A master mead producer can start with honey, water and yeast, and end up with something that is dry or sweet, still or sparkling, straight up or mixed with fruits or spices. Gosnells sparkle comes after it’s been left for two to three days so it starts to carbonate. It’s then pasteurised in the bottle to stop the fermentation process. The result is fresh, lightly sparkling product with citrus and blossom notes which come from the honey he sources in Spain.
“We use a Spanish orange blossom honey. Obviously the flavour of the honey depends on what the bees have been eating, so it’s quite important for us to have a consistent product. The bees in the area in Spain graze mainly on the orange blossom, so it’s a really consistent product that we get. We work with the distributer to blend the honey so that it’s the same consistency.”
Aside from spending time developing and testing a solid core product, a number of limited editions in the range have emerged from experimentation and different stimulus. The Citra Sea Mead came from participating in the beer fest in Singapore.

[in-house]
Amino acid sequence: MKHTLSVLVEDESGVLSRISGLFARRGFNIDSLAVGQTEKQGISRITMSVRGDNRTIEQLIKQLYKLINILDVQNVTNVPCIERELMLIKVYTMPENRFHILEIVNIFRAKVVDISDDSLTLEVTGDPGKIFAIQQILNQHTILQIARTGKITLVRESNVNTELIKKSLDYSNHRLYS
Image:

“Our previous brewer Nick came up with it and it was a riff on salt in cocktails which wasn’t quite a thing last year but it was getting there, and we incorporated that into the one we made. It just went down really well and everyone loved it and we’ve incorporated it in to our line now.
Generally the inspiration comes from flavours we’ve seen or things we’d like to try, so we start off on a small scale and do 5 or 10 litres, then if it doesn’t work it doesn’t matter, and if it does you scale it up.”
Inspiration for other limited editions comes from different sources. “I think it’s about looking at lots of different stuff. There’s lots of burrito bars opening up in London so we were thinking about Mexico and those kinds of flavours. We also do an elderflower mead in the summer which is, of course, because elderflower cordial is huge and is a great flavour to work with. So it’s a bit if everything really. So there is no one kind of thesis for where we get our flavours.”